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The continuous centripetal repopulation of the adrenal cortex is consistent with a population of cells endowed with the stem/progenitor cell properties of self-renewal and pluripotency. The adrenocortical capsule and underlying undifferentiated cortical cells are emerging as critical components of the stem/progenitor cell niche. Recent genetic analysis has identified various signaling pathways including Sonic Hedgehog (Shh) and Wnt as crucial mediators of adrenocortical lineage and organ homeostasis. Shh expression is restricted to the peripheral cortical cells that express a paucity of steroidogenic genes but give rise to the underlying differentiated cells of the cortex. Wnt/β-catenin signaling maintains the undifferentiated state and adrenal fate of adrenocortical stem/progenitor cells, in part through induction of its target genes Dax1 and inhibin-α, respectively. The pathogenesis of ACC, a rare yet highly aggressive cancer with an extremely poor prognosis, is slowly emerging from studies of the stem/progenitor cells of the adrenal cortex coupled with the genetics of familial syndromes in which ACC occurs. The frequent observation of constitutive activation of Wnt signaling due to loss-of-function mutations in the tumor suppressor gene APC or gain-of-function mutation in β-catenin in both adenomas and carcinomas, suggests perhaps that the Wnt pathway serves an early or initiating insult in the oncogenic process. Loss of p53 might be predicted to cooperate with additional genetic insults such as IGF2 as both are the most common genetic abnormalities in malignant versus benign adrenocortical neoplasms. It is unclear whether other factors such as Pod1 and Pref1, which are implicated in stem/progenitor cell biology in the adrenal and/or other organs, are also implicated in the etiology of adrenocortical carcinoma. The rarity and heterogeneous presentation of ACC makes it difficult to identify the cellular origin and the molecular progression to cancer. A more complete understanding of adrenocortical stem/progenitor cell biology will invariably aid in characterization of the molecular details of ACC tumorigenesis and may offer new options for therapeutic intervention.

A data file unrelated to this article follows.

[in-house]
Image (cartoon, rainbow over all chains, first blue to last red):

A cancer cell represents a genetically altered cell that has acquired pro-growth, anti-apoptotic properties, avoidance of immune detection, and/or a variety of other properties that delineates it from its tissue of origin (for a review of the hallmarks of cancer see (Hanahan and Weinberg, 2011). While signaling and transcription pathways are shared between cell types, it is a unique combinatorial code of gene expression that defines both a normal and malignant cell as tissue-specific (i.e. an adrenal chromaffin cell and a pheochromocytoma cell derived from an adrenal medullary cell) (Harari and Inabnet, 2011). Therefore, an understanding of the normal development and homeostasis of an organ is essential for the molecular characterization of most cancer types.